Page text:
This Week in Spanish Civil War History – Week 58/59: 21 August – 3 September 1937

August 22

Nationalist forces take the areas of Selaya, Villacarriedo, Ontaneda and Las Fraguas in the Cantabrian region as they advance towards Santander.

August 23

Navarrese forces fighting for the Nationalists claim Mazcuerras Valley and take Mount Ibio, which all-but cuts off the main road and the rail line between Santander and Asturias. Italian forces take Puente Viesgo after facing little Republican resistance.

Fascist salutes for Nationalists in Cantabria

August 24

Republican General Gámir-Ulibarri orders the general evacuation towards Asturias. Basque fighters begin their withdrawal from the front as the Nationalists are overwhelming the Cantabrian region.

The Republicans begin a major ongoing campaign in Zaragoza, which is their main aim for recapture. Both Belchite and Quinto are heavily guarded town where fighting begins, though Belchite has around 7,000 Nationalists fortified in the the village.

Nationalists enter Santander

August 26

Santander falls to the Nationalists at last thanks to huge troops numbers and air strikes. Around 160,000 refugees are in the city, including Republican  soldiers. Many try to escape via boats, which are overcrowded and begin sinking in the Bay of Biscay. Republican General Gámir-Ulibarri flies out of the region to France, to re-enter and take up arms again. All major Republican leaders flee the area. Nationalist forces enter Santander at midday and take 17,000 prisoners, but many are executed right away.

Unknown to the Republicans, the Basque fighters have made a secret agreement with the Italian Nationalist soldiers two days earlier. They agree to surrender at Santoña near Santander (close to 30,000 troops and officials), give over their weapons and do no harm to Basque industry. The Basques head aboard two British ships waiting to take them to safety. This becomes known as the Treason of Santoña.

August 27

The Basque troops waiting to leave Santander are captured by Franco forces. They are given the choice of fighting for the Nationalists or being Italian prisoners in Santoña. 22,000 are imprisoned, with half released three months later as they start fighting for the Nationalists. Only 510 are executed. The final prisoner won’t be released until 1943.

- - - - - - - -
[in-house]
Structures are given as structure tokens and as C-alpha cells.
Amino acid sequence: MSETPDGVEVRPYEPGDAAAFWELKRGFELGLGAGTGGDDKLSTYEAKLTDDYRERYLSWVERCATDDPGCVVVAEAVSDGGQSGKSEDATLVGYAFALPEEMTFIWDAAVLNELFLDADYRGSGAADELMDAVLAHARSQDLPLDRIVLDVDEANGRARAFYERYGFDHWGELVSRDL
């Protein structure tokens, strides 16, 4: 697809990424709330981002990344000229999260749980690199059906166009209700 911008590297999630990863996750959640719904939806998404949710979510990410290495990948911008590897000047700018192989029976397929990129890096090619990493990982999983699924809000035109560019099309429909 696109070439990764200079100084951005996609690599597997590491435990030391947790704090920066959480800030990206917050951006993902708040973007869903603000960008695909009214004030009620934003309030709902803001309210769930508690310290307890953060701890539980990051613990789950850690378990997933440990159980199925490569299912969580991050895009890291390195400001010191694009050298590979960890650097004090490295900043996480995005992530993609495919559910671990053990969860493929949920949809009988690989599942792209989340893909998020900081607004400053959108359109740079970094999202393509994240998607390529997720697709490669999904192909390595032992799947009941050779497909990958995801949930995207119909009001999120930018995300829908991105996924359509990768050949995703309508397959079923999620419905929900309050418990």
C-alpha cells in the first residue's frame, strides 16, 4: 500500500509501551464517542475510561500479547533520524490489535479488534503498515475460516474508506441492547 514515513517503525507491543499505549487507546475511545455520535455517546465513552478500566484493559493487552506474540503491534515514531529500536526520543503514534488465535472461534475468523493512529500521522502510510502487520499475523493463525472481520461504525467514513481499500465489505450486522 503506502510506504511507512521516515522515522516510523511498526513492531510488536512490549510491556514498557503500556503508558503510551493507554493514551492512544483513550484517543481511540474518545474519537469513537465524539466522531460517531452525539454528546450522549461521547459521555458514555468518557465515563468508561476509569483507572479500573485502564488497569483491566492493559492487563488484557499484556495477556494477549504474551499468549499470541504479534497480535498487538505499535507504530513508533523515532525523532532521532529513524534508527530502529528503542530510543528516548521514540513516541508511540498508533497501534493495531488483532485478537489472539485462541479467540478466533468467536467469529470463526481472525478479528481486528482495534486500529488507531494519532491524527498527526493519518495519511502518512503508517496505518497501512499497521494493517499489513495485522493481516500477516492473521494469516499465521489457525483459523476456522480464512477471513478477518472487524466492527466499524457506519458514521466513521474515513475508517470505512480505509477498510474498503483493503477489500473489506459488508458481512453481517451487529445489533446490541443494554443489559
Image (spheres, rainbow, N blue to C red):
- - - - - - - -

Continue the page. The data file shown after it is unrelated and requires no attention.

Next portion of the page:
Prisoners being held in the bull ring in Santander

August 29

The Republican Army of the East, along with the XI and XV International Brigades, a total of 80,000 men, 90 planes and 105 T26 tanks, have fighting for five days begin the offensive to capture Belchite. The centre and north units only take vacant land, though the southern units have more success and take Mediana, Quinto and Codo. The Republicans surround Belchite itself but the Nationalists are ready to hold out over the forces. The Republicans cut off the water supply to the Nationalists and the 3,800 people in Belchite. September 1

The Nationalists take Unquera in Cantabria, which borders Asturias, as the Nationalists fighting in the north begin the offensive of Asturias. They begin a slow offensive, which will see troops moving less than one kilometre per day in mountainous areas.

The Republican offensive to take the town of Belchite begins, with aerial bombing, artillery bombing and fighting on the ground. The town is surrounded but the Nationalist are desperate to keep their post.

~~

This is not a detailed analysis, just a highlight (lowlight?) of the week’s events. Things get lost in translation – Feel free to suggest an addition/clarification/correction below. The more the world remembers, the better. All photos and captions are auto-linked to source for credit, and to provide further information.

Advertisements

Got a comment, question or suggestion? Let us know!

Fill in your details below or click an icon to log in:

WordPress.com Logo

You are commenting using your WordPress.com account. Log Out / Change )

Twitter picture

You are commenting using your Twitter account. Log Out / Change )

Facebook photo

You are commenting using your Facebook account. Log Out / Change )

Google+ photo

You are commenting using your Google+ account. Log Out / Change )

Connecting to %s